That's Oscar, on the rock, contemplating a statue of a male torso. Off to the left of this picture is a similar statue of a woman.
This plaque, near the Cathedral's main entrance, contains the epitaph he wrote for himself, including the defiant, SÆVA INDIGNATIO ULTERIUS COR LACERARE NEQUIT ("Cruel indignity can no more pierce his heart")[my own translation].
The Church of St John the Baptist seen here is situated on the edge of a Roman amphitheatre that dates from the Ist century (i.e., roughly 1,900 years ago). The amphitheatre itself was buried and covered with buildings until excavations began uncovering parts of it in 1929.
The front (West end) of the church seen here is much older than the walls behind it. This was Chester's first Cathedral, while the building that is now the Cathedral (about a quarter-mile to the North) was a Monastery.
The Consistory Court today is used relatively infrequently, for trials of clergy misconduct and the like.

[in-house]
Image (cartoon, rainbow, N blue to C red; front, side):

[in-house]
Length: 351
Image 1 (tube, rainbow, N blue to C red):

Believe it or don't, that's exactly how it was the day I was there. The whole town was peaceful and still, yet there was a wind around the Cathedral that almost made it impossible to walk. I'm a believer.
This and the rest of the churches shown below are in The City, less than a quarter mile from St Paul's Cathedral (which is, of course, Wren's masterpiece). The wood and gold sculpture shown here is referred to as a Reredos, also called an Altar Piece, and was created by Grinling Gibbons (1648-1721), who referred to it in the bill for his services as an "Olter Pees". It stands at the front of the church, behind the altar, and features tablets containing the Ten Commandments of the Hebrew Bible (Old Testament).